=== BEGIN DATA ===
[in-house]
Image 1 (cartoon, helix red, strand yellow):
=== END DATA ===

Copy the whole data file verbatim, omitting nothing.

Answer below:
[in-house]
Image 1 (cartoon, helix red, strand yellow):